Gifted, intelligent students have the world at their feet. They have the ability to breeze through classes, earn impressive grades, and build a successful life for themselves. But raw intelligence is only part of the equation for student success. Every year, parents and educators are stunned by the number of highly capable students that perform below their potential. So, why does this happen? Why do brilliant students struggle to perform under their academic demands? And what can we do as parents and educators to get them back on track?
Study after study reveals that raw IQ has little to no correlation with academic success. In fact, according the Harvard Center for the Developing Child, IQ pales in comparison to the power of executive functioning skills on student success. Organization, time management, learning skills, social competencies, and other ‘soft skills’ are a much better determinant of success than natural ability. Self-management is the key to helping capable students be successful. And that’s our goal here at SAOTG because at the end of the day, we know that even the most brilliant student can struggle with today’s academic demands if he or she does not have the tools and strategies necessary to not only cope with the multi-faceted responsibilities of being a students, but thrive and prosper.
Of course, every student is unique in their own way. However, there are some tell-tale signs of a smart student who lacks the executive functioning skills to succeed both inside and outside of the classroom. Learn to identify the following signals and guide your student in the right direction.
1) “I don’t need to write it down. I’ll remember.”
Smart students often tell me how pointless using a planner is. They don’t need it. It’s a waste of time. They shouldn’t have to write things down. This is the way they have always done it. My response to this often hinges on consistency. Ask your student if there non-existent planning system works 100% of the time. These students often don’t realize that they are making their jobs harder. Try using the Netflix analogy with them. If you had ten tabs open on your computer, then you opened one more to watch Netflix, what will happen? Netflix runs really slowly. Your brain works the same way. The less your brain has to remember, the more operating power it has for other functions.
2) “I can’t stand that teacher/ that subject!”
Brilliant students without adequate self-management skills often concentrate on what they cannot control rather than what they can control. If they don’t like a teacher, they become stubborn and their class performance shows it. Parents can step in here and make a comparison to life outside the classroom. We all have to work with people we don’t like sometimes, but our perfo4mance and our results should not be dictated by those people. Ask your student this simple question: “By not doing your best in the class, are you hurting yourself or the teacher?” Sometimes a bit of awareness solves the problem.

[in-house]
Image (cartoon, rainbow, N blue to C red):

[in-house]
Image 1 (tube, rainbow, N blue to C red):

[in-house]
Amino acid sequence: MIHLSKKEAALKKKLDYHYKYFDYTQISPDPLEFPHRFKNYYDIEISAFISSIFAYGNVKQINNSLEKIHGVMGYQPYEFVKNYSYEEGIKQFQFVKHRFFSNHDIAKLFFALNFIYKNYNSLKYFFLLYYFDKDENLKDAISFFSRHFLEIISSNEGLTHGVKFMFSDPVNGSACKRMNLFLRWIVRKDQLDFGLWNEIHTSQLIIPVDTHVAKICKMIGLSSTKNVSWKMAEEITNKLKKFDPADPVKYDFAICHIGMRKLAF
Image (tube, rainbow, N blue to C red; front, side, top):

3) “I don’t need to take notes. That class is easy”.
Students pick up bad habits when their schoolwork is too easy. Note taking is often the first skill to go, but this is a dangerous proposition. If students don’t learn how to take helpful notes in middle school or high school, the next stage of their education will be much more difficult. Instead of using blunt force, try helping your student understand the different purposes of taking notes. Yes, notes are used for studying, but they also help keep you engaged in the class, they show your teacher that you care about your success, and they serve as a record of what was covered in class that day. Taking notes is one of the most powerful impression management tools at a student’s disposal.
4) “I’ve got plenty of time to do homework. It’s only 8:45.”
Time management is crucial for these students. When students lack the ability to estimate how long takes will take, break larger tasks into manageable steps, or see the procrastination pitfalls all around them, their performance suffers. Time management is also the best way to manage stress. These students often put themselves under and immense amount of pressure by assuming they have enough time. Encourage your student spend five minutes each day when they get home making an action plan. We like to use the “3 D’s”: due date, difficulty, and desire. Ask your student to prioritize their assignments according to the 3 D’s and estimate how much time they will need for each task.
How many of these statements sound familiar to you? If you count one or more, your child may have some challenges with executive functioning skills. As with any skill, they can be learned through expert instruction and practice. Don’t worry! We are here to help. Check out our services page to learn more about our what we can offer.